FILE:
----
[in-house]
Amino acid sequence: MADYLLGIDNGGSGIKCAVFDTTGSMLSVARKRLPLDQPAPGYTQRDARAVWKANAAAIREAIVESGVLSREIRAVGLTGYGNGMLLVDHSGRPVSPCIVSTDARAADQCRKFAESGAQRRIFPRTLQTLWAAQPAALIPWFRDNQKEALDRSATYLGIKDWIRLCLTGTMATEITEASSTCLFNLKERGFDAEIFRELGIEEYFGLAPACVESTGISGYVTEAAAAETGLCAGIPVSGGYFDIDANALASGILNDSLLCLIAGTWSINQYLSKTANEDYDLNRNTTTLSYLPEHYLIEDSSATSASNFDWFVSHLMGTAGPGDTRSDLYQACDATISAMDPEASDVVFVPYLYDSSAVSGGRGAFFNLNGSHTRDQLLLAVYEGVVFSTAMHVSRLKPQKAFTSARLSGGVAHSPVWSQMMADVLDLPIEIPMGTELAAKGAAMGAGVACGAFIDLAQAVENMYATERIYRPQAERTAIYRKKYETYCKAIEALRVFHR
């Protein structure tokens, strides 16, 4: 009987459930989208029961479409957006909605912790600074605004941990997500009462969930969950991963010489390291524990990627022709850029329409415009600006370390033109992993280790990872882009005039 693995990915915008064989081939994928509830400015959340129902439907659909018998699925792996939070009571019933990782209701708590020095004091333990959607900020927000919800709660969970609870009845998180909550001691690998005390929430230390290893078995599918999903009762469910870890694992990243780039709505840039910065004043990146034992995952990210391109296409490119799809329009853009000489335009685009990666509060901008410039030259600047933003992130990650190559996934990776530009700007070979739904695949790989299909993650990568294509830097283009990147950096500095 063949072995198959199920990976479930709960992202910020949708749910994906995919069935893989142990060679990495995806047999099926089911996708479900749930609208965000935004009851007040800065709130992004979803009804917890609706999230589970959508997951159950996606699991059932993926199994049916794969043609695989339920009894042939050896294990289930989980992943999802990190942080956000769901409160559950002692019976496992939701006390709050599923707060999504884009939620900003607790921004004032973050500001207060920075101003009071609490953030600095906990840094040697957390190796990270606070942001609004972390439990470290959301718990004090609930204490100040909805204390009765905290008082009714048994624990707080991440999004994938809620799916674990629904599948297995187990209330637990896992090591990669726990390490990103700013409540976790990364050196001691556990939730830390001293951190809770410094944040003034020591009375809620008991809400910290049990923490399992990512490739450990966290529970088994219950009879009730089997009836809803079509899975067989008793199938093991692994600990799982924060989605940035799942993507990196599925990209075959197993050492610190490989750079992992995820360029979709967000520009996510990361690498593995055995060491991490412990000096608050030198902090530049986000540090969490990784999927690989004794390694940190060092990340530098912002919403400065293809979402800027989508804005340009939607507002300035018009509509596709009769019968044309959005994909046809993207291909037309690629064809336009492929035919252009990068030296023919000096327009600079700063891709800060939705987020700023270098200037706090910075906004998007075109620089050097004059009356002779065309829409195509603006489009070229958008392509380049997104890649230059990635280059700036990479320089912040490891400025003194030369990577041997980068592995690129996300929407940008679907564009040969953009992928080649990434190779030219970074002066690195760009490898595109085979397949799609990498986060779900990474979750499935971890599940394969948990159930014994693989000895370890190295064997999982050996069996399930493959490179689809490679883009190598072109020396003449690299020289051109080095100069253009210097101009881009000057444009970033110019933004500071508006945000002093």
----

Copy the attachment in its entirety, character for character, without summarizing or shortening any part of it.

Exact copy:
[in-house]
Amino acid sequence: MADYLLGIDNGGSGIKCAVFDTTGSMLSVARKRLPLDQPAPGYTQRDARAVWKANAAAIREAIVESGVLSREIRAVGLTGYGNGMLLVDHSGRPVSPCIVSTDARAADQCRKFAESGAQRRIFPRTLQTLWAAQPAALIPWFRDNQKEALDRSATYLGIKDWIRLCLTGTMATEITEASSTCLFNLKERGFDAEIFRELGIEEYFGLAPACVESTGISGYVTEAAAAETGLCAGIPVSGGYFDIDANALASGILNDSLLCLIAGTWSINQYLSKTANEDYDLNRNTTTLSYLPEHYLIEDSSATSASNFDWFVSHLMGTAGPGDTRSDLYQACDATISAMDPEASDVVFVPYLYDSSAVSGGRGAFFNLNGSHTRDQLLLAVYEGVVFSTAMHVSRLKPQKAFTSARLSGGVAHSPVWSQMMADVLDLPIEIPMGTELAAKGAAMGAGVACGAFIDLAQAVENMYATERIYRPQAERTAIYRKKYETYCKAIEALRVFHR
């Protein structure tokens, strides 16, 4: 009987459930989208029961479409957006909605912790600074605004941990997500009462969930969950991963010489390291524990990627022709850029329409415009600006370390033109992993280790990872882009005039 693995990915915008064989081939994928509830400015959340129902439907659909018998699925792996939070009571019933990782209701708590020095004091333990959607900020927000919800709660969970609870009845998180909550001691690998005390929430230390290893078995599918999903009762469910870890694992990243780039709505840039910065004043990146034992995952990210391109296409490119799809329009853009000489335009685009990666509060901008410039030259600047933003992130990650190559996934990776530009700007070979739904695949790989299909993650990568294509830097283009990147950096500095 063949072995198959199920990976479930709960992202910020949708749910994906995919069935893989142990060679990495995806047999099926089911996708479900749930609208965000935004009851007040800065709130992004979803009804917890609706999230589970959508997951159950996606699991059932993926199994049916794969043609695989339920009894042939050896294990289930989980992943999802990190942080956000769901409160559950002692019976496992939701006390709050599923707060999504884009939620900003607790921004004032973050500001207060920075101003009071609490953030600095906990840094040697957390190796990270606070942001609004972390439990470290959301718990004090609930204490100040909805204390009765905290008082009714048994624990707080991440999004994938809620799916674990629904599948297995187990209330637990896992090591990669726990390490990103700013409540976790990364050196001691556990939730830390001293951190809770410094944040003034020591009375809620008991809400910290049990923490399992990512490739450990966290529970088994219950009879009730089997009836809803079509899975067989008793199938093991692994600990799982924060989605940035799942993507990196599925990209075959197993050492610190490989750079992992995820360029979709967000520009996510990361690498593995055995060491991490412990000096608050030198902090530049986000540090969490990784999927690989004794390694940190060092990340530098912002919403400065293809979402800027989508804005340009939607507002300035018009509509596709009769019968044309959005994909046809993207291909037309690629064809336009492929035919252009990068030296023919000096327009600079700063891709800060939705987020700023270098200037706090910075906004998007075109620089050097004059009356002779065309829409195509603006489009070229958008392509380049997104890649230059990635280059700036990479320089912040490891400025003194030369990577041997980068592995690129996300929407940008679907564009040969953009992928080649990434190779030219970074002066690195760009490898595109085979397949799609990498986060779900990474979750499935971890599940394969948990159930014994693989000895370890190295064997999982050996069996399930493959490179689809490679883009190598072109020396003449690299020289051109080095100069253009210097101009881009000057444009970033110019933004500071508006945000002093």